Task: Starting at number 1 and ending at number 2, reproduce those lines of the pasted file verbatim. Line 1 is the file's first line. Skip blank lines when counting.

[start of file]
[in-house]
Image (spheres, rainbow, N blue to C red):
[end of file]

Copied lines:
[in-house]
Image (spheres, rainbow, N blue to C red):